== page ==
Prior to privatisation there were ten regional water authorities in the UK that were largely independent of each other, that strikes were often divided up because of, but the industry had a national set of terms and conditions set out in a “Green Book”. Elsewhere I said that the national strike took place after the miners but this wasn’t the case and the majority of strikes took place from 1979 to 1983. And there doesn’t seem to be one national strike but a series of events largely taking place within the confines of the regional bodies and the union representation within them. And within these regional divisions there were various sub-divisions of labour reflected in different unions and different local negotiating structures. I joined one of these companies towards the end of the 1980s when there was a number of workers taken on in the clean water divisions due to the necessity to permanently man sites in the wake of the biggest peace-time poisoning of the twentieth century in the UK, the Camelford disaster in mid-1988 where an estimated 20,000 local people and 10,000 holidaymakers drank seriously poisoned water. I happen to know that this poisoning “incident” came as a direct result of part of management’s attempts to break the strike in this region some years earlier.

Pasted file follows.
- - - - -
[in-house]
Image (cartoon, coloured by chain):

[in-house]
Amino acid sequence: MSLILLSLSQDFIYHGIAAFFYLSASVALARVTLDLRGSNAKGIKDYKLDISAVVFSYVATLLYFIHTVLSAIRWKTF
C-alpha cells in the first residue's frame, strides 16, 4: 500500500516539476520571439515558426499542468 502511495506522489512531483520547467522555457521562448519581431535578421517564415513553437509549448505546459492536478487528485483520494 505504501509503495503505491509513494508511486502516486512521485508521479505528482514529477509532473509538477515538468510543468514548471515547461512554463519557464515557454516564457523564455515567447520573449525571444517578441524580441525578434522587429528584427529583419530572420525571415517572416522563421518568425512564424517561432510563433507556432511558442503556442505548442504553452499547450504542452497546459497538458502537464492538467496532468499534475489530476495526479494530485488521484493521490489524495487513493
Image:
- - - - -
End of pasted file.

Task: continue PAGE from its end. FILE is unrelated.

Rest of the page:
My recollections of the strike, or this particular expression of the strikes in the industry, was the testimony of all the workers that I talked to once getting the job. The bitterness caused by the strike, or rather by it being broken, was still palpable and the workers were beaten and demoralised. Initially the strike was solid. Three main unions were involved, a couple of smaller ones, and a small number of non-union workers (the industry was heavily unionised). Workers were in different functions, distribution, sewage, clean water, fitters/electricians, etc and generally unionised along these lines. At the beginning of the strike distribution and treatment workers maintained supplies to the majority of people, through dispensations for hospitals, care homes, old people’s homes, sheltered accommodation, schools and so on. This had the result of supplying most working class areas. Distribution workers on strike continued to work unpaid to provide these essential supplies. Industry is relatively easy to cut off and isolate and the bigger the industry the easier it is. Then the unions on the management/union dispensation committee started to fall out with the argument that if distribution workers were working they should be paid and if they were working and being paid, their members should be working on dispensations and get paid for it. As a result of this dispensations for water supplies to various industries and to effect their provision the unions demanded payment. The dodgy dispensations (dispensations were a divisive issue in the miners’ strike of 84) and the role of the unions thus began the slippery slide to defeat. It was worker against worker and I talked to one shop steward who said he made sure he got to the job before the picket line so he could stay behind it in work getting paid overtime – which, of course, the management was quite happy to pay. The strike dragged on to its inevitable conclusion with the unions arguing their special interests, the drift back to work began in the face of all the animosity aroused by the union scabbing and in a matter of weeks even the most militant elements had had enough.